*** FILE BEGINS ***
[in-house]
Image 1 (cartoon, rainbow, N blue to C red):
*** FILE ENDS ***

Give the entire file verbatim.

[in-house]
Image 1 (cartoon, rainbow, N blue to C red):